Journalist and TV presenter Jessica Rowe has deleted a podcast she recorded with Pauline Hanson after it sparked widespread criticism on social media.
Promoting the episode on Twitter on Wednesday, the former Studio 10 host had said the interview with Hanson – from her The Jess Rowe Big Talk Show podcast – “isn’t about politics” but instead focused on “love, raising kids, and why [Hanson] keeps going”.
Rowe, pictured at the premiere of Hamilton in March, drew heavy criticism for the episode.Credit:Getty Images AsiaPac
But it quickly triggered a backlash online, with many prominent commentators – including Australian of the Year Grace Tame – criticising Rowe for platforming the One Nation leader.
“This is how discrimination and hate is subtly enabled and normalised,” Tame wrote on Twitter. “Pauline doesn’t need help to be heard, but those whose oppression she’s both driven and reinforced do.”
On Thursday, Rowe took to Instagram to explain that she had listened to the criticisms and asked her podcast publisher Listnr to “take down the Pauline Hanson episode”.
“Pauline’s political views are the opposite of mine. I have never agreed with her on those issues. Never will. Kindness is at the heart of who I am,” Rowe wrote on Instagram.
She also thanked public figures including Tame and Indigenous writer Nakkiah Lui for their criticism, adding: “This will be the start of a bigger conversation for me and with those who this topic directly affects.”
The media’s platforming of Hanson and her xenophobic views has long proven contentious but sparked further scrutiny in the wake of the Christchurch massacre in March 2019, with commentators – including Seven breakfast TV host David Koch, whose show Sunrise had long been criticised for featuring Hanson – suggesting the One Nation leader’s “anti-Muslim rhetoric” was complicit in the extremist attack.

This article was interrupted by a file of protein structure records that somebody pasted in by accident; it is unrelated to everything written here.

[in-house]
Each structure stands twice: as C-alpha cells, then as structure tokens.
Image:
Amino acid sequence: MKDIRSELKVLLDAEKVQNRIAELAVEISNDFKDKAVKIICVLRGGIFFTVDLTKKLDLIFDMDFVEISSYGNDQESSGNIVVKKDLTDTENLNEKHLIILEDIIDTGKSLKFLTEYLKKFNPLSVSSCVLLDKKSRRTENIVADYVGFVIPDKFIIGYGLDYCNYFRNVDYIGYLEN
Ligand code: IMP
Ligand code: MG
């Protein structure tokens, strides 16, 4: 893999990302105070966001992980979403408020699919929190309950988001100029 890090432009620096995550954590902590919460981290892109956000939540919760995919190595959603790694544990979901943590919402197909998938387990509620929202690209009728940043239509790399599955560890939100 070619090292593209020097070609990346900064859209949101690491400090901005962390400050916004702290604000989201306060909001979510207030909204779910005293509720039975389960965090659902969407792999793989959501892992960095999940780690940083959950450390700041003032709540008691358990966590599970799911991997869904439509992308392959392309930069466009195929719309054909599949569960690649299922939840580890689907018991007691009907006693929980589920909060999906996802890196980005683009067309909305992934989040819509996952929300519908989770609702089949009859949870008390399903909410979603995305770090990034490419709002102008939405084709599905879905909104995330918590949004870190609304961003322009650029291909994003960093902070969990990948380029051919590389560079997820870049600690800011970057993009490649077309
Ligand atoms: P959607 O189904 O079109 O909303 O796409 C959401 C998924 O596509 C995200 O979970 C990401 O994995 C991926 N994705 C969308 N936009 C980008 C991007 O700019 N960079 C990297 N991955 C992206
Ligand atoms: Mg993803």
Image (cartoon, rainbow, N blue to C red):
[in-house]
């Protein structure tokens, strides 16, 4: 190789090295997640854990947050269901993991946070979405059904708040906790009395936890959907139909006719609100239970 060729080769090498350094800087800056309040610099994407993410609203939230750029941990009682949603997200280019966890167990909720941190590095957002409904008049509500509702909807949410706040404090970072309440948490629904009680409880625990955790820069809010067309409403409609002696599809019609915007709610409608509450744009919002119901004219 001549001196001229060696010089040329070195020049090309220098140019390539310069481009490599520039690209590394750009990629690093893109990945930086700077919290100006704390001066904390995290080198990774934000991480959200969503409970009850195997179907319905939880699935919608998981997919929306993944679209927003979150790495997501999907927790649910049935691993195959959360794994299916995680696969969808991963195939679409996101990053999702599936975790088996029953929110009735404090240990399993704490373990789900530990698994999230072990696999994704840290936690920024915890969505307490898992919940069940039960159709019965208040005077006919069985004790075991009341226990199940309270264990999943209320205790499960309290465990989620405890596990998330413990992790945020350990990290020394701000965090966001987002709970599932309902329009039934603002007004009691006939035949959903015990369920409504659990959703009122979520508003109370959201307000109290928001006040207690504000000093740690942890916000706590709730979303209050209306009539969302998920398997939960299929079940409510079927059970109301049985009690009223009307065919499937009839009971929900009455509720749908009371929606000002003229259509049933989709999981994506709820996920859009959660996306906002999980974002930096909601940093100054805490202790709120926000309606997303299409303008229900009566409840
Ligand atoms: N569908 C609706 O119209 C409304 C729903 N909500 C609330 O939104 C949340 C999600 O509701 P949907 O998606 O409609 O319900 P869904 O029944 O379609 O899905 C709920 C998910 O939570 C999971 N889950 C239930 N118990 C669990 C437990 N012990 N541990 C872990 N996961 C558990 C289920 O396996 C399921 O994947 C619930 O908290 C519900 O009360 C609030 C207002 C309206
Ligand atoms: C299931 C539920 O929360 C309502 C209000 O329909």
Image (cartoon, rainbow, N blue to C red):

In July 2020, Channel Nine’s Today show – which had also routinely offered air-time to the One Nation leader – officially cut ties with Hanson after she said Melburnians locked-down in public housing were “drug addicts” and “alcoholics”.
Pauline Hanson says she’s the victim of “cancel culture”.Credit:Alex Ellinghausen
In a statement published on her website on Thursday, Hanson suggested she was the victim of “cancel culture” and blamed “Twitter haters” for the podcast interview’s removal.
“Cancel culture in this country is killing debate, freedom of speech, and shutting down conservative political representation,” she wrote.
“While I’m disappointed with Jess and her manager’s decision to remove the podcast, I also recognise how much pressure keyboard warriors can put on a person like Jessica who openly discussed with me in the interview how public opinion has impacted her mental wellbeing.
“The removal of this innocuous podcast is a step in the wrong direction for conservative Australians,” she added.
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